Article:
my question is inspired by projects like Perlan etc when one is trying to fly in thin air with a glider. It is well known that at high altitude (say 10-20km) aircraft control becomes 'sluggish'. However, thinking about lift equation I have encountered a paradox.

According to https://en.wikipedia.org/wiki/Lift_(force)

Lift coefficient is L=const x rho_air x true_airspeed^2 x surface_area x coefficient_of_lift

Let's neglect the fact that at high altitude, with Reynolds number changing, one will get into a diferent CL (coefficient_of_lift) vs AOA curve. This is a small issue compared to span of possible rho_air values. Because this equation has true_airspeed^2, it is obvious that at low altitude, aileron effectiveness (which is also a lifting surface) will raise with second power when increasing TAS which at normal atmospheric conditions and low altitude, low subsonic speeds equals to EAS and CAS (IAS). If we take any glider and lift it up, rho_air will decrease even by factor of 16 for simplicity. This will be compensated by required TAS forward glide speed by factor of 4, so that wings can still provide equal lifting force, otherwise tha plane would fall because of winning F=m*g - which doesn't care about air composition. The plane will fly faster, and while we should expect that diminished rho_air would diminish aileron effectiveness, increased TAS will naturally compensate for this following the same equation...

I have concluded that starting to roll which requires applying non-opposed rolling force to overcome (constant!) airplane inertia, so that roll rate will rise until it becomes balanced by wing drag resistance, should require identical aileron deflection for airplane at low and high altitude. In other words achievable rates of change of roll rate should be the same at cruise speed in thin air when using the same aileron deflection.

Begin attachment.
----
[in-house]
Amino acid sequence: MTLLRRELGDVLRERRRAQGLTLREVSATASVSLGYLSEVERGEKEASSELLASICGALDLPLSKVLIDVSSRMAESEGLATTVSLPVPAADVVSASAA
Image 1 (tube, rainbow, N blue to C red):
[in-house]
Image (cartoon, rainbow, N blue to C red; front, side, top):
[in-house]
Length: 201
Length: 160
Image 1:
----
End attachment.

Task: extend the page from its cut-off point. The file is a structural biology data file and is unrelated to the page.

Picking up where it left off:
At high altitude however, measured IAS and CAS will be much lower than TAS but that doesn't matters as stable airplane will balance by itself at cruise speed.

Then we come into question what is the maximum roll rate achieved in thin vs dense air. After applying aileron deflection the roll rate will increase, when applied rolling force is compeensated by aircraft drag due to rollign motion whcih is again proportional to constrho_airrollrate^2.

I have concluded that maximum achievable rollrate will be higher at thin air, using the same deflection of ailerons that provide the same overall rollign force at high altitude because the airplame must fly faster just to provide its lift. With the same aileron deflection, achieved stable state roll rates will be higher in thin air than at dense air with the same aileron deflection

If all above is true, why airplanes are said to be 'sluggish at high altitudes due to thin air'.


2 Answers 2


Your conclusions are correct; however, it is new to me that aircraft control becomes "sluggish" at high altitude. Only when you fly up into the coffin corner will control effectivity suffer since you fly close to stall, but that is very similar to the diminishing control effectiveness when you approach stall at lower altitude.

To express your conclusions in the way it can be found in flight mechanics books:

  1. Roll acceleration does not change with altitude because it is dominated by aileron control power and roll inertia, and
  2. The final roll rate will change inversely with the square root of air density because here the roll damping of the wing comes in which is inversely proportional to airspeed.

What really matters is the air dynamic pressure for the computation of the aileron effectiveness, so that you can get rid of density (altitude) effects. That's where KEAS meaning takes place. As far as I know, all aeroelastic studies for aileron roll effectiveness are performed with KEAS, not KTAS.

Please refer to aeroelastic and flight testing textbooks for a better and comprehensive explanation, such as:

  • Dowell - A Modern Course in Aeroelasticity 4th Ed
  • Wright & Cooper - Introduction to Aircraft Aeroelasticity and Loads
  • Ward & Strganac - Introduction to Flight Test Engineering 2nd Ed
  • Kimberlin - Flight Testing of Fixed Wing Aircraft

You will see that the aileron effectiveness depends only on the ratio between the current dynamic pressure to the reversal dynamic pressure.


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